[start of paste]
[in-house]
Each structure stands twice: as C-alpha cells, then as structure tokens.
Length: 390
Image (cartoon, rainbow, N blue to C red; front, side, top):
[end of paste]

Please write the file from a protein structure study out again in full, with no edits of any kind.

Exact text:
[in-house]
Each structure stands twice: as C-alpha cells, then as structure tokens.
Length: 390
Image (cartoon, rainbow, N blue to C red; front, side, top):